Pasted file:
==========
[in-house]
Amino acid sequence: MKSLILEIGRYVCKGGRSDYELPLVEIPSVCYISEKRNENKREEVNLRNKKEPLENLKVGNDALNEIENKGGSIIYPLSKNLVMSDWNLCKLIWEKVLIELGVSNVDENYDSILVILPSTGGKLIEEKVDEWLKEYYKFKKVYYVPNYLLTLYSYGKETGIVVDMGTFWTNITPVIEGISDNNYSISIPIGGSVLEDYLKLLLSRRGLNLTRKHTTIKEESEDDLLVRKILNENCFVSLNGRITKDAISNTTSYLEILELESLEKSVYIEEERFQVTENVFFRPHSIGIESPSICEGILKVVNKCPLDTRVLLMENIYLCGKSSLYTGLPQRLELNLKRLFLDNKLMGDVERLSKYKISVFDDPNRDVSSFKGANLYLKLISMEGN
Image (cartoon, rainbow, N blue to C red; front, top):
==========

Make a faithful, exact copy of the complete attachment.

[in-house]
Amino acid sequence: MKSLILEIGRYVCKGGRSDYELPLVEIPSVCYISEKRNENKREEVNLRNKKEPLENLKVGNDALNEIENKGGSIIYPLSKNLVMSDWNLCKLIWEKVLIELGVSNVDENYDSILVILPSTGGKLIEEKVDEWLKEYYKFKKVYYVPNYLLTLYSYGKETGIVVDMGTFWTNITPVIEGISDNNYSISIPIGGSVLEDYLKLLLSRRGLNLTRKHTTIKEESEDDLLVRKILNENCFVSLNGRITKDAISNTTSYLEILELESLEKSVYIEEERFQVTENVFFRPHSIGIESPSICEGILKVVNKCPLDTRVLLMENIYLCGKSSLYTGLPQRLELNLKRLFLDNKLMGDVERLSKYKISVFDDPNRDVSSFKGANLYLKLISMEGN
Image (cartoon, rainbow, N blue to C red; front, top):